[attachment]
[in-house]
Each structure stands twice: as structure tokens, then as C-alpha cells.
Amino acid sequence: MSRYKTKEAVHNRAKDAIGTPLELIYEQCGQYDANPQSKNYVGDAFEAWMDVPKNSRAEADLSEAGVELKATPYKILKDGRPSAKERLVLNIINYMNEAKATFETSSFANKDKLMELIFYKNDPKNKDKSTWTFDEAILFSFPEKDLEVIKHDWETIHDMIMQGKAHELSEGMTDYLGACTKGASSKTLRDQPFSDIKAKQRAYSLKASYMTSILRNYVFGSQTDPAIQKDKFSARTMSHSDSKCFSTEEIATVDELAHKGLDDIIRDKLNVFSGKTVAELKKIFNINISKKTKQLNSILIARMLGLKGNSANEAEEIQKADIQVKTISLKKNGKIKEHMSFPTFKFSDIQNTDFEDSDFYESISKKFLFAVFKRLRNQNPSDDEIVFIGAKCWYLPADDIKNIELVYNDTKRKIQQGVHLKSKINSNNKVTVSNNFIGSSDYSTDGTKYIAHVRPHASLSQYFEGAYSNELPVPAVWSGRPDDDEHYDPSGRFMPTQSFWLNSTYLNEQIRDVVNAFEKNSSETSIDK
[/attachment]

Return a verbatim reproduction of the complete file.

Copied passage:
[in-house]
Each structure stands twice: as structure tokens, then as C-alpha cells.
Amino acid sequence: MSRYKTKEAVHNRAKDAIGTPLELIYEQCGQYDANPQSKNYVGDAFEAWMDVPKNSRAEADLSEAGVELKATPYKILKDGRPSAKERLVLNIINYMNEAKATFETSSFANKDKLMELIFYKNDPKNKDKSTWTFDEAILFSFPEKDLEVIKHDWETIHDMIMQGKAHELSEGMTDYLGACTKGASSKTLRDQPFSDIKAKQRAYSLKASYMTSILRNYVFGSQTDPAIQKDKFSARTMSHSDSKCFSTEEIATVDELAHKGLDDIIRDKLNVFSGKTVAELKKIFNINISKKTKQLNSILIARMLGLKGNSANEAEEIQKADIQVKTISLKKNGKIKEHMSFPTFKFSDIQNTDFEDSDFYESISKKFLFAVFKRLRNQNPSDDEIVFIGAKCWYLPADDIKNIELVYNDTKRKIQQGVHLKSKINSNNKVTVSNNFIGSSDYSTDGTKYIAHVRPHASLSQYFEGAYSNELPVPAVWSGRPDDDEHYDPSGRFMPTQSFWLNSTYLNEQIRDVVNAFEKNSSETSIDK